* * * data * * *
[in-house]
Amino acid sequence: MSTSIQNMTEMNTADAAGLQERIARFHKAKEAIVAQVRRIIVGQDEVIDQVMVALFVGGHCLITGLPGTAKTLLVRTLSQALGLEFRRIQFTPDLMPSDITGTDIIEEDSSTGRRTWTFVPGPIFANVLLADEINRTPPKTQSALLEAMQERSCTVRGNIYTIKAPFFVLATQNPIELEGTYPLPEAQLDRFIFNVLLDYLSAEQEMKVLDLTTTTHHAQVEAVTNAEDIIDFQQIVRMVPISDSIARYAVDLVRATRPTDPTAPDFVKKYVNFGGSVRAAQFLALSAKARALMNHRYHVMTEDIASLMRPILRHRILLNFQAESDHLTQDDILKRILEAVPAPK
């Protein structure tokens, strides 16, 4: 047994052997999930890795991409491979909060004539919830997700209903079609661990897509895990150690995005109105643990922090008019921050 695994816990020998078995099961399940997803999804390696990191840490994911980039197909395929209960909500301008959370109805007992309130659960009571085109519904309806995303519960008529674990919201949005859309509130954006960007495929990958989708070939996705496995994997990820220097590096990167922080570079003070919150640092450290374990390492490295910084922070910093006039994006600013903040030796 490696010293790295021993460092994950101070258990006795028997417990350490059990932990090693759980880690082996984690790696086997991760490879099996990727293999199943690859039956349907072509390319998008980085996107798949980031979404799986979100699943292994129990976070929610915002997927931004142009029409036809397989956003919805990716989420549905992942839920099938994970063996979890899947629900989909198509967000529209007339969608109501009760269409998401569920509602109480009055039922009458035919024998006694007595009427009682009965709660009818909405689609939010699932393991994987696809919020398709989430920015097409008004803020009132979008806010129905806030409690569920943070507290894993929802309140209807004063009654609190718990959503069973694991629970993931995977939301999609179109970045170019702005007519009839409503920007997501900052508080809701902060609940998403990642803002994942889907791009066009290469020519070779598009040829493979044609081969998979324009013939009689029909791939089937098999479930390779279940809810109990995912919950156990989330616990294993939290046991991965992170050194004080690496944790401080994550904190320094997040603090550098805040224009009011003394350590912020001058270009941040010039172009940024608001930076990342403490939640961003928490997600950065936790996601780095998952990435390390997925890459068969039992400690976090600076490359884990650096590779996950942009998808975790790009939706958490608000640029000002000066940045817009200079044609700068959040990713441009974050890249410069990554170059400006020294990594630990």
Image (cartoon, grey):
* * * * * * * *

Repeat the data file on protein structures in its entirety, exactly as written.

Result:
[in-house]
Amino acid sequence: MSTSIQNMTEMNTADAAGLQERIARFHKAKEAIVAQVRRIIVGQDEVIDQVMVALFVGGHCLITGLPGTAKTLLVRTLSQALGLEFRRIQFTPDLMPSDITGTDIIEEDSSTGRRTWTFVPGPIFANVLLADEINRTPPKTQSALLEAMQERSCTVRGNIYTIKAPFFVLATQNPIELEGTYPLPEAQLDRFIFNVLLDYLSAEQEMKVLDLTTTTHHAQVEAVTNAEDIIDFQQIVRMVPISDSIARYAVDLVRATRPTDPTAPDFVKKYVNFGGSVRAAQFLALSAKARALMNHRYHVMTEDIASLMRPILRHRILLNFQAESDHLTQDDILKRILEAVPAPK
């Protein structure tokens, strides 16, 4: 047994052997999930890795991409491979909060004539919830997700209903079609661990897509895990150690995005109105643990922090008019921050 695994816990020998078995099961399940997803999804390696990191840490994911980039197909395929209960909500301008959370109805007992309130659960009571085109519904309806995303519960008529674990919201949005859309509130954006960007495929990958989708070939996705496995994997990820220097590096990167922080570079003070919150640092450290374990390492490295910084922070910093006039994006600013903040030796 490696010293790295021993460092994950101070258990006795028997417990350490059990932990090693759980880690082996984690790696086997991760490879099996990727293999199943690859039956349907072509390319998008980085996107798949980031979404799986979100699943292994129990976070929610915002997927931004142009029409036809397989956003919805990716989420549905992942839920099938994970063996979890899947629900989909198509967000529209007339969608109501009760269409998401569920509602109480009055039922009458035919024998006694007595009427009682009965709660009818909405689609939010699932393991994987696809919020398709989430920015097409008004803020009132979008806010129905806030409690569920943070507290894993929802309140209807004063009654609190718990959503069973694991629970993931995977939301999609179109970045170019702005007519009839409503920007997501900052508080809701902060609940998403990642803002994942889907791009066009290469020519070779598009040829493979044609081969998979324009013939009689029909791939089937098999479930390779279940809810109990995912919950156990989330616990294993939290046991991965992170050194004080690496944790401080994550904190320094997040603090550098805040224009009011003394350590912020001058270009941040010039172009940024608001930076990342403490939640961003928490997600950065936790996601780095998952990435390390997925890459068969039992400690976090600076490359884990650096590779996950942009998808975790790009939706958490608000640029000002000066940045817009200079044609700068959040990713441009974050890249410069990554170059400006020294990594630990």
Image (cartoon, grey):